Seasonal and diurnal changes in photosynthetic limitation of young sweet orange trees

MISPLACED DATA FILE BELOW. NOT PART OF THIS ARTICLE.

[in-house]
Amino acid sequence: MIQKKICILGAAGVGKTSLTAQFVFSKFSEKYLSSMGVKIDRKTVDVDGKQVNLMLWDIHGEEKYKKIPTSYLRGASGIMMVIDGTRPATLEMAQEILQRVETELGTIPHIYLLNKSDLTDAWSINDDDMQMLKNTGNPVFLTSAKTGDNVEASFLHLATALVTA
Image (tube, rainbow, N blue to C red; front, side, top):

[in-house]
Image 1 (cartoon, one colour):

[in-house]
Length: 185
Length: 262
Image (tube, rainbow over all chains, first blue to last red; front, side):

This study tests the hypothesis that potted sweet orange plants show a significant variation in photosynthesis over seasonal and diurnal cycles. even in well-hydrated conditions. This hypothesis was tested by measuring diurnal variations in leaf gas exchange, chlorophyll fluorescence, leaf water potential, and the responses of CO(2) assimilation to increasing air CO(2) concentrations in 1-year-old 'Valencia' sweet orange scions grafted onto 'Cleopatra' mandarin rootstocks during the winter and summer seasons in a subtropical climate. In addition, diurnal leaf gas exchange was evaluated under controlled conditions, with constant environmental conditions during both winter and summer. In relation to our hypothesis, a greater rate of photosynthesis is found during the summer compared to the winter. Reduced photosynthesis during winter was induced by cool night conditions, as the diurnal fluctuation of environmental conditions was not limiting. Low air and soil temperatures caused decreases in the stomatal conductance and in the rates of the biochemical reactions underlying photosynthesis (ribulose-1,5-bisphosphate (RuBP) carboxylation and RuBP regeneration) during the winter compared to the values obtained for those markers in the Summer. Citrus photosynthesis during the summer was riot impaired by biochemical or photochemical reactions. as CO(2) assimilation was only limited by stomatal conductance due to high leaf-to-air vapor pressure difference (VPD) during the afternoon. During the winter, the reduction in photosynthesis during the afternoon Was Caused by decreases in RuBP regeneration and stomatal conductance, which are both precipitated by low night temperature. (c) 2009 Elsevier B.V. All rights reserved.